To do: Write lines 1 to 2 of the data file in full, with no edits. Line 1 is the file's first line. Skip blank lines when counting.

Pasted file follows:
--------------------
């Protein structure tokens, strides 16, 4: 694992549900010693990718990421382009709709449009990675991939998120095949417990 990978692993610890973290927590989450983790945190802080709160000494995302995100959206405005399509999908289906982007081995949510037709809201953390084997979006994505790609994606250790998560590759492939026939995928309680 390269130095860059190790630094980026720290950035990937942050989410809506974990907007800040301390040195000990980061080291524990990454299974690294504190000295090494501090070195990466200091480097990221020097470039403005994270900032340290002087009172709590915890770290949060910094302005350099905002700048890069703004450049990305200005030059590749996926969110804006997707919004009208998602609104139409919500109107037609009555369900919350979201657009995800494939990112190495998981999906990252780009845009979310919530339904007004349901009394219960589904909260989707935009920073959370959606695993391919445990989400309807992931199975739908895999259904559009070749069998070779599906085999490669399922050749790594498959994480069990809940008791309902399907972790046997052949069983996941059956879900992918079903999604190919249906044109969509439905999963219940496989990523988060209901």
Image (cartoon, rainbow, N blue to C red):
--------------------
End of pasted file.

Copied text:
């Protein structure tokens, strides 16, 4: 694992549900010693990718990421382009709709449009990675991939998120095949417990 990978692993610890973290927590989450983790945190802080709160000494995302995100959206405005399509999908289906982007081995949510037709809201953390084997979006994505790609994606250790998560590759492939026939995928309680 390269130095860059190790630094980026720290950035990937942050989410809506974990907007800040301390040195000990980061080291524990990454299974690294504190000295090494501090070195990466200091480097990221020097470039403005994270900032340290002087009172709590915890770290949060910094302005350099905002700048890069703004450049990305200005030059590749996926969110804006997707919004009208998602609104139409919500109107037609009555369900919350979201657009995800494939990112190495998981999906990252780009845009979310919530339904007004349901009394219960589904909260989707935009920073959370959606695993391919445990989400309807992931199975739908895999259904559009070749069998070779599906085999490669399922050749790594498959994480069990809940008791309902399907972790046997052949069983996941059956879900992918079903999604190919249906044109969509439905999963219940496989990523988060209901």
Image (cartoon, rainbow, N blue to C red):